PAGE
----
Just my thoughts.


  4. That is absolutely outrageous. My heart aches for Alex and his family. At it’s best, public education can only offer peer socialization, which is pretty much akin to “the blind leading the blind. ” Homeschooled children. being community socialized, are usually far more at ease in a variety of social situations. I think the public educational system is hurting more children that it’s helping.

  5. I have recently been substitute teaching in the local public school system, my first experience doing so. Socially, it is horrifying. Learning is completely disparaged by the students. Any evidence of diversity in thinking, dressing, behavior, any small instance of non-conformity is immediately and mercilessly ridiculed.

    So what is the danger for homeschoolers? That they will enter the world insufficiently numbed to the horrors of their peers’ behavior? That they won’t know how to ridicule people? That they will be a dork because they still love learning? That they will have a too great tolerance for the wonder of individuality?

    I think we should take our chances. The public school system is set up to socialize children to be intolerantly conforming, and the best teacher in the world will struggle every day to swim against this tide until they lose their humanity or give up and find another career.

  6. If I were a parent in that school I would demand that teacher’s resignation as well as that of any administrator who supported or allowed or threw up his/her hands with regard to that situation. I’ve discussed my own family’s public school experiences on my own blog so I won’t repeat myself here. The system is definately broken.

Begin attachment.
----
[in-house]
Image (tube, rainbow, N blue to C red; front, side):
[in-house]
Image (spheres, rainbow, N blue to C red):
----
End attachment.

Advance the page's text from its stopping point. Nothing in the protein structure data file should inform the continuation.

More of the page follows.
7. First off, yes my name is also Carma. I have 6 year old b/g twins and 8 yr old daughter. We are seeing many specialists for my g twin- and are ruling out Prader Willi. Last year in kindergarten she had a difficult time- she was slow to get things done and she was a little over weight (she did have sleep apnea and had her tonsils/adnoids out to try and relieve this to no avail). The other children in her class were very mean to her about being slow and overweight. When I discussed this with her teacher, her response was “Well it’s true”-since when is it okay to bully a child? This same teacher took the kids to another classroom, turned off the lights in the room and left my daughter in the adjoining bathroom- my daughter knew enough to go to the office to find out where they were. But the following week when she had an accident at school because she was so afraid to use the bathroom- the teacher said “she was just too busy outside and didn’t want to stop to go” No apology for leaving her alone in the class-What if it had been a fire! We also discussed many times having my daughter evaluated for extra help and it was like pulling teeth with this teacher- just too much work for her maybe. I have considered home schooling this daughter but unfortunately she doesn’t like me to teach her, (she used to scream when I tried to sing the alphabet to her) and she loves school. On a very positive note, she has a great teacher this year, and things are looking up.
    (I will continue to watch your blog as I have not completely ruled out homeschool for her)

  8. I agree whole heartedly.The socialization people should be worried about is the socialization in public schools! I’d love to put a link up on my blog directing people to this post if thats ok?